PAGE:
The secret hack to ads is actually the content you promote rather than the targeting. You need to be able to create a post which will make people who have never heard of you stop scrolling and take notice, so if you’ve created a video it needs to grab people’s attention within the first 3 seconds. You can do this by having something happen in the first frame of the video or using text banners with a clickbait title. Instagram usually tries to limit your exposure when using too much text, but in our personal experience we’ve found if you promote via the app itself they tend to let you through.
If you’d like more detail on using ads you can read our other article on promoting your music on social media
Don’t just promote your music videos
Imagine people are scrolling, what would make them stop and take notice of your ad?
In 2019 artists are now obsessed with ‘views’, it’s almost become a second currency in the music industry. And if you want to spend your money on getting your view count up then social media platforms will much oblige, but you need to make sure those views are put to good use.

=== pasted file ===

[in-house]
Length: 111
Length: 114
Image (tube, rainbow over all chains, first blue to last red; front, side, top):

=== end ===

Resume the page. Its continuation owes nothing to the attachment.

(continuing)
Musicians often invest their hard-earned money on a high budget music video and panic that no one is going to see it, so they spend money by uploading the music video directly to Instagram and running it as an ad, but the issue with this is that a music video is not going to stop people from scrolling and then listen to your music.
Most people are scrolling Instagram with the sound off, and even if they have the sound on they’re not usually in the right mentality to sit and listen to a new track. If you think about the times you spend on Instagram, you haven’t dedicated a long period of time to spend on it, usually when you open the app you’re anticipating to consume the content for 20-30 seconds then you sign off, which means that trying to get people to listen to your music when they’ve never heard of you is useless.